20 Aug 2021

Drosophila suzukii: Italian ministry authorizes Ganaspis brasiliensis launches


The Ministry for Ecological Transition has now authorised the release of Ganaspis brasiliensis, the parasitoid imported last year from Switzerland which is able to combat Drosophila suzukii, the Asian midge of berries which is causing considerable damage to crops in Trentino too.

The news was also greeted with great satisfaction at the Mach Foundation, where researchers and technicians have been working for months in quarantine chambers to breed and multiply the Far Eastern micro-monoptera, a wasp that is harmless to humans.

The official go-ahead arrived yesterday at the Agricultural Service of the Autonomous Province of Trento, which together with the FEM represents Trentino in the national Drosophila suzukii round table coordinated by CREA-DC. But there are other regions that have obtained authorisation alongside the Autonomous Provinces of Trento and Bolzano: Veneto, Val d'Aosta, Piedmont, Emilia Romagna, Campania, Sicily and Puglia.

A long and complex process before the official go-ahead for releases

A specific authorisation from the Ministry of Ecological Transition was required to carry out releases of G. brasiliensis on the territory, which was called upon to assess the analysis of direct and indirect risks associated with the release of the CBA (biological control agent) on biodiversity.

The Edmund Mach Foundation had therefore prepared a detailed risk assessment document: a 120-page dossier describing the biological and ecological characteristics of the species G. brasiliensis and the possible impacts on the ecosystem. The seven regions and two autonomous provinces of Trento and Bolzano participating in the national group for the release of the antagonist signed and sent the application for release to MITE on 7 May, together with the risk study. The process involved going through the Istituto Superiore per la Protezione e la Ricerca Ambientale (ISPRA), the regional and provincial environmental protection agencies (ARPA and APPA) and finally the Ministries of the Environment and Agriculture.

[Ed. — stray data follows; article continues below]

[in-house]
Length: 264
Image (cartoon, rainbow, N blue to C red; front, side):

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Campus breeding, launch programme and pre- and post-release monitoring

To date, G. brasiliensis breeding farms at the FEM count thousands of specimens with a monthly production of over 7000 individuals. Twelve sites have been identified for this year's releases, corresponding to the areas with the greatest vocation for cerasiculture and berries that is: Valsugana (5 sites), Val d'Adige (4 sites), Vallagarina (1 site), Valle dei Mocheni (1 site), Altopiano di Pinè (1 site).
Following the release of the parasitoid, a multi-annual monitoring programme is envisaged to safely assess its possible impacts on local ecosystems and its effectiveness against Drosophila suzukii. The results of the monitoring plan and a detailed report will be submitted to the Ministry by December 2021.

Source: Mach Foundation

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